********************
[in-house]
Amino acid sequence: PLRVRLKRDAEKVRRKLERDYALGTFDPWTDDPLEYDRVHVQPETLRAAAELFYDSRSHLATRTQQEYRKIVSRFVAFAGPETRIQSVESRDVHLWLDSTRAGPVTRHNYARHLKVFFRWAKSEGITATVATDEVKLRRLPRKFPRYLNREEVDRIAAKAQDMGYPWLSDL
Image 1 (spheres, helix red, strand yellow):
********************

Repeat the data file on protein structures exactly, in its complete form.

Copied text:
[in-house]
Amino acid sequence: PLRVRLKRDAEKVRRKLERDYALGTFDPWTDDPLEYDRVHVQPETLRAAAELFYDSRSHLATRTQQEYRKIVSRFVAFAGPETRIQSVESRDVHLWLDSTRAGPVTRHNYARHLKVFFRWAKSEGITATVATDEVKLRRLPRKFPRYLNREEVDRIAAKAQDMGYPWLSDL
Image 1 (spheres, helix red, strand yellow):